Pine River Shuts Asia Hedge Fund After Failing to Attract Assets

  • Pine River Asia Fund had gathered $120 million since inception
  • Fund returned an annualized 5.8% since start, 1.3% last year

Pine River Capital Management shuttered a hedge fund in Asia after it failed to attract enough assets to justify keeping it going, according to a person familiar with the matter.

The firm in November closed its Pine River Asia Fund, a multistrategy hedge fund managed from Hong Kong that had gathered about $120 million since its inception in 2004, said the person, who asked not to be named since the matter is private. The fund had returned 5.8 percent on an annualized basis since it started and advanced 1.3 percent in 2015, according to the person.

The shutdown adds to the closures of other hedge funds in the region as the business of running them has become more cumbersome. Market volatility has damped returns and tighter regulations are increasing costs for money managers. Investors are also shifting their money to the largest and most successful managers, prompting many smaller-scale firms to exit the business. More than 800 hedge funds closed globally last year in a trend that has been apparent for at least five years, according to data from Eurekahedge Pte.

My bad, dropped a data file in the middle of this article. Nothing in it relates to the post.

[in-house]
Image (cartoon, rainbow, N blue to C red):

Lazard Asset Management closed its $9.8 million Lazard Asia ex-Japan Equity Strategy and the Singapore-based portfolio managers have left, the firm said in an e-mailed statement. Separately, AMP Capital, the Australian asset manager with roots in real estate and infrastructure has shut down its AMP Capital Asia Quant Fund, which held about $104 million, after the December departure of its team focusing on the strategy, according to an e-mailed statement.

Pine River, based in Minnetonka, Minnesota, is best known for profiting from bets on mortgage-backed securities after the financial crisis in the U.S. Hedge fund firms often trim businesses that aren’t central to their businesses amid volatile markets. Pine River last year also cut a Hong Kong-based team that traded emerging-market currencies, people with knowledge of the matter said at the time.

Pine River, which has offices in Hong Kong, Beijing and Shenzhen, still manages a China-focused fund with about $1.2 billion in assets as of January.

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